Tuesday, 12 August 2014

Once More Into The Fray: KING'S GOLD by Michael Jecks

King's Gold by Michael Jecks
Another one down and not too many more to go now. I read the first in this series, The Last Templar, then I jumped forward to the books at the end (because I could not source the earlier books too easily or at all in some cases) starting with The Oath.

Then I read the recently released prequel to the entire series, Templar's Acre. And now back to the end of the series with this one, King's Gold. One more to go and if I then wish to meet Sir Baldwin de Furnshill and Simon Puttock again, I will have to wind the clock back and find some of those that came before The Oath. 

I discovered when I read The Oath, that these are virtually stand alone books. You are going to miss out on that special connection one has with characters by not starting the series at the beginning. And it would serve you better if you tried to read them all in some semblance of order (and at over thirty books, you have quite a hunt ahead of you). But overall, it isn't that you 'cannot' jump in anywhere, or you 'should not' jump in at the end like I did. I managed to understand what was going on just fine. I am sure you will too, if you cannot find the earlier books.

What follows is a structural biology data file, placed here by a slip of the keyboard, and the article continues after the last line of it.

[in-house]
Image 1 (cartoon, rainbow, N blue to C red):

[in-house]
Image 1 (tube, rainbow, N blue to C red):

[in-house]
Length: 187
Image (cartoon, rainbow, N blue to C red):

Here in this second last book, King's Gold, we are getting into more political intrigue and less medieval mystery. I found The Oath was the same. More about political espionage than whodunnit and I am told by fans of the series that the whodunnit style is relegated to the earlier portion of this thirty something book series. While political intrigue becomes the focus in the latter portion.

I think I enjoyed King's Gold more than The Oath. There has been too much time between them to explain why. That aside though, I have to comment on Michael Jecks' writing style. In a time where so many authors are doing an abysmal slash and burn of the English language, and wordsmiths are becoming an endangered beast, Michael Jecks is one of those elite few modern historical fiction authors who wields a pen with an easy and old fashioned moxie. It is a hand that compliments the settings of his books. He could almost be writing to us from the era he writes in. 

Aspiring authors should slow down their writing. Stop looking for the quick turnover. Study the hands of authors like Michael Jecks. Aspire to harness that dying art of wordsmithing, before you even think about writing a novel yourself. 

I will try to get to the last book in the series, City of Fiends, in the coming months. 'Try' and 'do' are two seperate matters however, so don't go laying your bets on me just yet. 

- MM

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